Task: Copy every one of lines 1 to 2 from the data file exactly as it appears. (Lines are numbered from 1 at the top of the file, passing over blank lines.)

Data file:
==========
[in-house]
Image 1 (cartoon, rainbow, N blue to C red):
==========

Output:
[in-house]
Image 1 (cartoon, rainbow, N blue to C red):